“We then tried only the brake lines, pulled in symmetrically. This also worked one time and was very messy the next. It really does depend on what is happening.

“Whatever you do, though, try and bring the paraglider into you as tightly as possible. Paragliders can really interfere with your reserve if you leave them flying.”

Chris White: “When deploying a reserve, the key thing to remember is that the parachute comes out of the harness in the opposite way to which it went in.

“In other words, if the reserve sits sideways on a shelf beneath the seat, then you must pull it out sideways. In this situation, if you pop the pins and then pull it up towards your chin, as if you were doing a bicep curl, then you’re trying to pull it out at 90 degrees from the angle it went in.

“The other thing is to swing it – and then let it go. A lot of people forget that.”

Tom: “You should also always fly with a hook knife [within easy reach]. Not many people do, but it means you can cut a paraglider line if it’s interfering with your reserve, or even cut away your whole paraglider.

“Even if everything works perfectly, though, you’ll find that you come down faster than you think on a reserve – especially if you pick a really light one. You can really easily break your legs.

“The rescue is one protection, the back protection is another, but you should also be ready to do a good parachute landing fall (PLF) – that’s another protection. Always land on your legs and be prepared to roll. I’ve broken my back, and you really don’t want to do that.”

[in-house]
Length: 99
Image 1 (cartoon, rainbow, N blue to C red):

Tom adds that you also need to think about what happens after you land. “Perhaps you’re in a tree or you’ve broken a leg. How do people find you? You can’t always rely on your phone. And it’s often very dangerous to try and get out of the tree.

“The best option is to have a device that can share your location without a phone signal. A tracking device, something like an inReach from Garmin, is essential. I had an accident when I was flying around the Adriatic with Paul Guschlbauer. I’d landed badly in a tree, pushed the button and the helicopter was there in just 16 minutes.”

Deploying a reserve parachute

In this deliberate SIV deployment the pulled-down apex round reserve has deployed after four seconds. The main wing stops flying and the pilot starts to gather it in – this allows the parachute to do its job without the main wing interfering. There is some penduluming apparent as the pilot descends and splashes down. Photos: Andy Busslinger


Video: Alex Ledger explains what you need to do

Cross Country’s paramotoring columnist Jeff Goin on reserves and powered paragliding

How does flying a paramotor affect your reserve choice?
Two things come to mind: first, being lightweight is more important since motors are already heavy and pilots launch more frequently in the calm of morning or evening with no downhill to help. Second, most motor pilots fly in benign conditions, where reserve deployment is less likely. Consequently, you most likely fly with a small, lightweight ‘meat-saver’ for preserving life not limb.

How to deploy it?
A motor pilot’s mantra for reserve deployment is ‘Kill, Look, Pull, Clear, Throw.’ The primary complication is keeping the reserve out of the prop, thus the ‘Kill’ part – hit the kill-switch and turn off the engine. ‘Clear’ is shorthand for spotting the clear air that assures the best deployment, that is outwards and away from any fouling risks, namely the paraglider and motor. Avoiding throttle entanglement is another concern if you have to use that hand.

How do you pick a reserve?
Descent rate. Opening speed is critical, too, but they seem to all advertise quick opening times. Steerables seem like a great idea for those who fly over inhospitable landing options, but they have tradeoffs. It’s a personal choice that depends mostly on your planned activities. I favour front mounts as they’re less likely to deploy accidentally – a weirdly common phenomenon on motors, especially on side mounts.